Display Settings:

Format

Send to:

Choose Destination
See comment in PubMed Commons below
J Pharmacol Exp Ther. 2001 Apr;297(1):103-13.

Comparison of the modulatory effects of human and rat liver microsomal metabolism on the estrogenicity of bisphenol A: implications for extrapolation to humans.

Author information

  • 1Department of Pharmacology and Therapeutics, University of Liverpool, New Medical Building, Ashton St., Liverpool, L69 3BX UK.

Abstract

Bisphenol A [BPA, 2,2-bis(4-hydroxyphenyl)propane], a xenoestrogen, is a monomer for the synthesis of polycarbonate plastics, epoxy resins, and composites. Metabolism of BPA to the monoglucuronide will determine the extent of its estrogenicity in vivo. Investigation of the metabolism of BPA (500 microM) by isolated female rat hepatocytes confirmed the formation of BPA glucuronide as the major metabolite. There was a significant difference (p < 0.05) between the V(max) (mean +/- S.E.M., n = 4) of glucuronidation by pooled male or female human (four livers in each case) and immature female rat liver microsomes (5.9 +/- 0.4, 5.2 +/- 0.3, and 31.6 +/- 8.1 nmol/min/mg of protein, respectively). Estrogenic activity of BPA, assessed in a coupled microsomal metabolism-yeast estrogenicity assay, was decreased 3- and 7-fold following glucuronidation by human female and immature female rat liver microsomes, respectively. Incubations of BPA with pooled human or rat liver microsomes, in the presence of NADPH, resulted in the formation of 5-hydroxybisphenol A [2-(4,5-dihydroxyphenyl)-2-(4-hydroxyphenyl)propane], which was 10-fold less potent than BPA in the yeast estrogenicity assay. However, there was insufficient turnover to achieve a significant effect on the estrogenic activity of BPA. Because human liver microsomes did not glucuronidate BPA as extensively as the rat liver microsomes, estrogen target tissues in humans may be subject to greater exposure to BPA than the tissues of the immature female rats used for assessing estrogenicity of xenobiotics.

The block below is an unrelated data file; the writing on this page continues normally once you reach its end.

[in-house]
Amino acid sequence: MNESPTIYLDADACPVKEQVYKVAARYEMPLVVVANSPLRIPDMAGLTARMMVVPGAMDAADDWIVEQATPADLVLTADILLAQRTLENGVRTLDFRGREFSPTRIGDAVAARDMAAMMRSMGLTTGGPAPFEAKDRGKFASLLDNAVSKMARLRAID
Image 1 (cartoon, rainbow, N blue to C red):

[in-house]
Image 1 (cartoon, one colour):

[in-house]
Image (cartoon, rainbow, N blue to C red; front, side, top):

PMID:
11259533
[PubMed - indexed for MEDLINE]
Free full text
PubMed Commons home

PubMed Commons

0 comments
How to join PubMed Commons

    Supplemental Content

    Full text links

    Icon for HighWire
    Loading ...
    Write to the Help Desk